The noble Marquess will realise that the interests of the Government and of the company in this case are identical—both of them are interested in making a profit; whereas in the other case there was the Imperial or strategic interest, which was not necessarily the same as the business interest.


I am not Sure that that is very convincing, because I have definite, recollections of sailing during the War at least three times, once on the Olympic, arid once on the Aquitania, carrying soldiers from America. I do not use that as an answer in this particular case, but it does show that these ships may become available for use in case we should unfortunately be involved again in war. But the noble Earl's answer in any case does not meet the point that we need to have somebody on the board who would be able to watch the interests of the Government. The noble Earl said that there would be representatives of the Services, but that is exactly what we do not want. They are not in as good a position to judge of the business as those men who give their whole time to it. What is necessary is to select those who have a knowledge of affairs, who are engaged in the business, and who are not officials of the Government, who would sit on the board and keep themselves acquainted with what is happening. I do not want to press this point at the moment, but I would ask the noble Earl to consider it, and I suggest that they should give more attention to the possibility of selecting someone to represent them from among those who are specially familiar with the shipping business and with commercial business. I ask the Government to give further consideration to this matter, so that when we come to the Committee stage it may be dealt with on rather different lines.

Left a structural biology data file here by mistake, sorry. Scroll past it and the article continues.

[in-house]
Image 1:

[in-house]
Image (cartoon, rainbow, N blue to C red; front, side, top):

On Question, Bill read 2a, and committed to a Committee of the Whole House.

House adjourned during pleasure; and resumed by the Lord Chancellor.